Tuesday, May 10, 2011

Feet in the kitchen!

No, I don't mean those kind of feet. (And one should NEVER have bare feet in the kitchen! And no flip-flips for goodness sake... there's a post for you: Why'd we stop wearing real shoes? But I digress...).

When all the appliances that we now take for granted came along, they indeed looked a little different from what they look like today. Much like cars (and some were made by the same people who made cars), appliances had a brand-specific look to them. They were built to stand out, to look impressive, and to make the homemaker feel like she was in charge--and in many ways, she finally was. No fires to build, no ice to order/carry/clean up after. No worn-down hands after a load of laundry in hot water and caustic detergents. No more was the homemaker subject to some of the hardest labor she (and yes, sometimes he...) had known. She was entering the modern world!

Appliances--and the space-age new kitchen they were increasingly made for and expected to go in--were life-changers. It's hard for us to imagine just how revolutionary a stove must have been. No more building or tending fires, or cleaning out ash, or trying to regulate temperature with no idea how hot an oven was or how long it would stay that way. If women's lives were changed (and it is certainly debatable to what extent new appliances really affected women's lives as there were/are other issues at hand), men certainly thought they were providing the most innovative and precious gifts to their women. Architect Alfred Levitt said this about his 1940s/50s kitchen designs: "Thanks to the number of appliances in our house, the girls will have three hours to kill every afternoon." (Read more about Levitt and his Levittown here: Alfred Levitt) "The girls" just wouldn't know what to do with themselves, would they?

But let me get back to my question. And I really begin with a question for which I know the answer. Why'd we stop putting feet on our appliances? I know. It's about space, and sleekness. It's better to have everything all the way down to the floor and all the way up to the ceiling in a kitchen. But... How many times have you lost something under a stove or refrigerator or washing machine. It never fails, does it? And how many times do you pull out the appliance and retrieve your item, or egad, clean under it? Admit it... it's a rare thing to behond.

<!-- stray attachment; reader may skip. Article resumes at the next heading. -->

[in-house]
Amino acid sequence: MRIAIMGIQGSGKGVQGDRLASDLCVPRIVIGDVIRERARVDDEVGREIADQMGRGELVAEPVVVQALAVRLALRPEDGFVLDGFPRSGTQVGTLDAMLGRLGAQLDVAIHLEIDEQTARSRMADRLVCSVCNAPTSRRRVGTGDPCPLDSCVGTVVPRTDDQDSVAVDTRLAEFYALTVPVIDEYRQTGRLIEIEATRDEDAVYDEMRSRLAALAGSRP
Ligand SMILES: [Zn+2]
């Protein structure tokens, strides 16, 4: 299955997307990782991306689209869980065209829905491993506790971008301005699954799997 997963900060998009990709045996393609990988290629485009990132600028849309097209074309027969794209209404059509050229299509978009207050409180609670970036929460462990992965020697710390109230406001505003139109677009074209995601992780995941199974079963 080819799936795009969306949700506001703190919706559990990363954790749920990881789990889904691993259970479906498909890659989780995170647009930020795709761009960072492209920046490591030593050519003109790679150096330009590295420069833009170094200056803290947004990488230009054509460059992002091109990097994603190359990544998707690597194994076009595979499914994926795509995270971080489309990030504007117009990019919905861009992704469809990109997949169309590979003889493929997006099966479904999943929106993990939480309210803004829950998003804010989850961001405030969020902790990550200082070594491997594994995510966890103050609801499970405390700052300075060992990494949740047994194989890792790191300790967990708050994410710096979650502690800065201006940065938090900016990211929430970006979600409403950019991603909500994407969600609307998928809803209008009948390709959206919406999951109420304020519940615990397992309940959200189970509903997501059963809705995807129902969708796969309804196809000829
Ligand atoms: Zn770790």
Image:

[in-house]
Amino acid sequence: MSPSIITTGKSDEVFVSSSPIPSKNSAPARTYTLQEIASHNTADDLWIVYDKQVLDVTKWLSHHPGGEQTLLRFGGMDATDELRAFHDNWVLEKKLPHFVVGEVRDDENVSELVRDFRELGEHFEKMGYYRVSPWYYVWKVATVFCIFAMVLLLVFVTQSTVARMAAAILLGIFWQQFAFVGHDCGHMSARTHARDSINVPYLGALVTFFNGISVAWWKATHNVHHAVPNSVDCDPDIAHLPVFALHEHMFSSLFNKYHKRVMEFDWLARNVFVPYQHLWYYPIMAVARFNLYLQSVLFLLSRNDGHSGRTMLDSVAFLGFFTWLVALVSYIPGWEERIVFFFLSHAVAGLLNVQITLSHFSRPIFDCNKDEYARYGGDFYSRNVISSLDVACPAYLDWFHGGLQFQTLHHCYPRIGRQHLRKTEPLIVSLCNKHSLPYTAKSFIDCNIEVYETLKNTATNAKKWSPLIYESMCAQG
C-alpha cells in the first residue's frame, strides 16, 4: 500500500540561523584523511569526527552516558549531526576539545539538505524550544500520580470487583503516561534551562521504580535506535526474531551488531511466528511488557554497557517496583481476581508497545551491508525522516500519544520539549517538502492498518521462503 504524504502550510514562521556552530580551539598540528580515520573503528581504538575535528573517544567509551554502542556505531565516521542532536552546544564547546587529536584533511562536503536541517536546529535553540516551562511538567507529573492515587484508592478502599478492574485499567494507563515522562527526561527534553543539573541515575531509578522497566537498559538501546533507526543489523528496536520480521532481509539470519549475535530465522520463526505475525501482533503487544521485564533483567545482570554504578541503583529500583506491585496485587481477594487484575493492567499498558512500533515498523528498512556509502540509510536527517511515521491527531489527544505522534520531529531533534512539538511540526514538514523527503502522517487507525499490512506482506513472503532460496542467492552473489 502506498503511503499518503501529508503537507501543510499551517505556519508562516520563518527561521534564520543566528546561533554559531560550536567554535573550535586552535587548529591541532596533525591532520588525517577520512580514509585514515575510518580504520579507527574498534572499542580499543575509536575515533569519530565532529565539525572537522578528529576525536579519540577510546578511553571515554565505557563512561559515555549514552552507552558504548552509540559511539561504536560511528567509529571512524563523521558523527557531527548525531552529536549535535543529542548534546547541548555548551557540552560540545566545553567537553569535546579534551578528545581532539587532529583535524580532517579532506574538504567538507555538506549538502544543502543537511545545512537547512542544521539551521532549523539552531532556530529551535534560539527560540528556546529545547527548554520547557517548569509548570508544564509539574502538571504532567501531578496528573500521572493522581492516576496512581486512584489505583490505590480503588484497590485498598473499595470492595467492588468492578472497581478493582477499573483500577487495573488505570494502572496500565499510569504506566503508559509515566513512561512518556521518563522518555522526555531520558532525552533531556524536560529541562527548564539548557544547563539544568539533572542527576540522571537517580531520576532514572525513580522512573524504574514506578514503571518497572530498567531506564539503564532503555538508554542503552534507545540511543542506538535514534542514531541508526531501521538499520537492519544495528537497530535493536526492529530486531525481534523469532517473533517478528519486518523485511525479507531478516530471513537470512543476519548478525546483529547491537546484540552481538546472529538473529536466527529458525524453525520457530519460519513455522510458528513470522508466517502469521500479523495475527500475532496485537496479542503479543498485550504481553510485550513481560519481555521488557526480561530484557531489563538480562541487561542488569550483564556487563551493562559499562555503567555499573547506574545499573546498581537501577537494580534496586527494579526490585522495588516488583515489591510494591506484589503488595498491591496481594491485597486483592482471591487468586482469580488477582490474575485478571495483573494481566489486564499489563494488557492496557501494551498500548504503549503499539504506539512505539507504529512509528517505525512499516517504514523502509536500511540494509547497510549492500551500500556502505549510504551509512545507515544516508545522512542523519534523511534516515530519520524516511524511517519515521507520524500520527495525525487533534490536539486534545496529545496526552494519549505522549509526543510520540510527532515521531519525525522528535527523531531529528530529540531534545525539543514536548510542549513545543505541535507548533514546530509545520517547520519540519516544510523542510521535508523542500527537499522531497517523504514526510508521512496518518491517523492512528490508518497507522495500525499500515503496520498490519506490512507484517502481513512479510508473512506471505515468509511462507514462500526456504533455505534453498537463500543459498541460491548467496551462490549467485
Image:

But imagine, if you will:
Isn't it sweet? Sure, there's no storage anywhere (where DID they keep their dishes?), but just look at the legs and feet, glorious feet. Not only will you never lose anything under THAT refrigerator, you can clean under it. Of course, ignorance can be bliss (I shudder to think of the underside and back side of my fridge...). It just looks so clean and cozy in that little black, white, and robin-egg blue room. Something about these appliances looks like furniture, like an investment. Solidly build and attractively presented; there's even something of friendliness about them.

Now... would I want to cook in there? Well, some countertops would be nice. A larger refrigerator and stove, too. And I'm sure the efficiency has improved and the metals and chemicals those old refrigerators had were anything but attractive.

But that's not my point. Should we bring feet and their attached legs back to appliances? You can clean under them, you can raise or lower (with some modification) to suit your height, and no mouse could hide under there! But that's a good, what? Several cubic feet of lost storage under there. (Note for future post: Why'd we stop not having so dang much stuff??) There are pros and cons to this idea. But lately, I've sure been wishing I could get to the underside of mine for a good clean out. But since I can't... well, gee. That probably gives me a good couple of hours "extra" this afternoon. Wonder how I'll "kill" it, Mr. Levitt!

What do you think about appliances that stand tall and proud? Yay or nay? I'd love to hear from you!

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